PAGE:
This wet-in-wet is drawn from imagination and inspiration by the Dutch watercolorist Edo Hannema. I just love his mastery of water and color and wet paper! There is a peaceful quality to his paintings of the Dutch landscape.
Painting like this demands thought and deliberation and patience. Timing is also critical. Painting wet-in-wet requires risks and experience. Too wet, everything just blurs. Paint wet paint which is wetter than the still damp colors result in blooms which can destroy a painting in now time. The rule is drier paint into wet paint – that on your brush must be drier than the stuff on the paper. Blot your brush if in doubt.
Oops! Just noticed that the horizon is dead center . . . compositional error! And that big green blob is also a mistake – tried to fix it – but since this is time for true confessions, I may as well own up. 😉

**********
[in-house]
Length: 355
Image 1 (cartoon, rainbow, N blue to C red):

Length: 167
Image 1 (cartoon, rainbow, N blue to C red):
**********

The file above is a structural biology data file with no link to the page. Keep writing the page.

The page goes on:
This is one of my more successful wet-in-wet paintings. Usually there is a big cauliflower bloom somewhere – sometimes I can hide it, but it feels really good not to have one this time! Remembering the trick of drier onto wetter was a good thing.
For the first time, I am painting on 300# paper. This is Kilimanjaro CP from Cheap Joe’s. With such a heavy paper, lots of water can be used. 140# warps but this stayed virtually flat. I like this paper a lot – certainly will be getting more of it.